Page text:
4 people at a desk in training

Every 10 years, the federal government attempts to count every person living in the U.S. for the Census, also known as the “Decennial Census” or the “short form Census.” The next Census will aim to take a snapshot of all people living in the U.S. on April 1, 2020. Results from the Census directly affect issues of democracy – Census data are used to redraw district lines and distribute representative seats – and determine funding of social service programs for each state, including Medicaid, Section 8 housing vouchers, and the Supplemental Nutrition Assistance Program (SNAP). Census data are also used by advocates to ensure they are meeting the needs of people in our communities, and by litigators to enforce civil rights protections.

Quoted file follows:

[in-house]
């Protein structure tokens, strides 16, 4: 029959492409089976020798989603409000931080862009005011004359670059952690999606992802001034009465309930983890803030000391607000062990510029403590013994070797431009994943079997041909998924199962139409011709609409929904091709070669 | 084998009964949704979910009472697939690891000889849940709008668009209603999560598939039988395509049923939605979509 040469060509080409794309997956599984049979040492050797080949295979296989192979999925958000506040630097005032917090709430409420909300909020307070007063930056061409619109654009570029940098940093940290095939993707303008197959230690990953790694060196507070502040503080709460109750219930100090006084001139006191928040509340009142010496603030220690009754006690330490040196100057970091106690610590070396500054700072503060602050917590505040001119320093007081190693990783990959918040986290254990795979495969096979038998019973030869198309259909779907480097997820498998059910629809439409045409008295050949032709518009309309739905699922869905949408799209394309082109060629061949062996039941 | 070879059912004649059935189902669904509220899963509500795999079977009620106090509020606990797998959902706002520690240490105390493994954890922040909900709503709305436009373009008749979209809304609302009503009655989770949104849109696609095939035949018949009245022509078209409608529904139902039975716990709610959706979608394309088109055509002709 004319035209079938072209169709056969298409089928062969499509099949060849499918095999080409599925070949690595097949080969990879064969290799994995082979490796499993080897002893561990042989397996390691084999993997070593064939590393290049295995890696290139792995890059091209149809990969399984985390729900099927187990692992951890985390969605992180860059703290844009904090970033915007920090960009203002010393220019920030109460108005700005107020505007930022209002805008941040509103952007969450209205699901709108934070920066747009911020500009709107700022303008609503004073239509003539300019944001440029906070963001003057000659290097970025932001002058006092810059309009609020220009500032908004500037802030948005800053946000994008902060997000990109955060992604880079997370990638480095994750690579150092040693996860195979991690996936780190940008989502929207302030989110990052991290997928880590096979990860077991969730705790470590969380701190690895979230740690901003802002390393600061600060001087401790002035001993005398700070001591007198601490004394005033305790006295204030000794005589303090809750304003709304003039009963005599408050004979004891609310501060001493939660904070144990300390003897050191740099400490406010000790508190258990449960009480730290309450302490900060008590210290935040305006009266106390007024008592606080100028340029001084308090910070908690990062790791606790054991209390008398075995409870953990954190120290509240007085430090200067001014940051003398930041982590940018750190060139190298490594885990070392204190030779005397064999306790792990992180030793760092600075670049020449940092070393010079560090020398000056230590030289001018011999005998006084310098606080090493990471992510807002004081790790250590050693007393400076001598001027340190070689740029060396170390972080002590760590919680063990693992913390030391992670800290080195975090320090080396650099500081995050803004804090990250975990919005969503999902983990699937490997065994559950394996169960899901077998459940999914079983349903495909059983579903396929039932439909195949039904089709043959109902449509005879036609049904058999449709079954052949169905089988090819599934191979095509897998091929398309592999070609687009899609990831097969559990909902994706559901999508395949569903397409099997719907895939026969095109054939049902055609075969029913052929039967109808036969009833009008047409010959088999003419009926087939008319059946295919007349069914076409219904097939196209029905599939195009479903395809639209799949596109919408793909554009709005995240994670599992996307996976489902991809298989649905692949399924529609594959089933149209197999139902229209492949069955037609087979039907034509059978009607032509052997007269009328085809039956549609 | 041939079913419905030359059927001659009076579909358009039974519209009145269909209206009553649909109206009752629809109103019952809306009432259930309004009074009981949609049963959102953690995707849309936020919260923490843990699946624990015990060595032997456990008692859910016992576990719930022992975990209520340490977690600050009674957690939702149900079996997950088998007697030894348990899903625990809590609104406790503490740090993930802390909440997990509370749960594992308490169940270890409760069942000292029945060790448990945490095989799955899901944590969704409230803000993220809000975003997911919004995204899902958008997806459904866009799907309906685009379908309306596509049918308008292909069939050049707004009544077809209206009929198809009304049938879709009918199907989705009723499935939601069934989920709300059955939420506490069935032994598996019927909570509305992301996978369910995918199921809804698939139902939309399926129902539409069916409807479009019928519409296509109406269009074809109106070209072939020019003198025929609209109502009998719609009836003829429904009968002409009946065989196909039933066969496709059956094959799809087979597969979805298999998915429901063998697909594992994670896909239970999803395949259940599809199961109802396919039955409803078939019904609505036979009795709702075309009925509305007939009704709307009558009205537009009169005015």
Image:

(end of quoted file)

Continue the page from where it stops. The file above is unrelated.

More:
The Census is the biggest survey taken in our country. There are only ten questions on the Census (about race, ethnicity, relationships, gender etc.)  and eight additional questions for each person living in that household. Although the questions ask about April 1, 2020, or “Census Day,” the survey tries to count people where they usually live and sleep.